6. Skechers for Work Men’s Workshire Steel Toe Boot
  7. Dr. Martens Men’s Ironbridge MG ST Steel-Toe Met Guard Boot

Our reviews of the top rated welding boots along with a comparison table and buyers guide will help you choose the right pair of boots.


Welding Boot Reviews

One of the most highly-regarded boots on the market today are Caterpillar Men’s Second Shift Steel Toe Work Boots.

Manufactured and produced by a trustworthy and well-known brand, you can count on these boots to protect your feet during even the toughest of jobs.

These boots come built with a variety of features and perks along with having an attractive, rugged detailing that makes them not only functional but stylish.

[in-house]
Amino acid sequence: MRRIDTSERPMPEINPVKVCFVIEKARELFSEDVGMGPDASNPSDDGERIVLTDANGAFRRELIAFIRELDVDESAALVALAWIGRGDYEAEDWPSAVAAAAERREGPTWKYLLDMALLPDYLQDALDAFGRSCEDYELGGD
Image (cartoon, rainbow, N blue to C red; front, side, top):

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They have a reliable tread, which will help reduce the risks of slipping. Steel shanks add even more stability, and oil-resistant traction aids in that, making it much more difficult for you to have any accidental slips in any oil you might be working near.

The boots are also decently heavy, which helps to keep you grounded and is a testament to their durability, but may equate to a longer break-in period.

The Caterpillar boots also boast water-resistant features and offer electrical hazard protection for up to 600 volts in dry conditions.

With a removable PU sock liner, a Climasphere insole, and Goodyear welt construction for flexibility, Caterpillar had made not only an attractive and functional boot but also one that has a notable focus on the wearer’s comfort.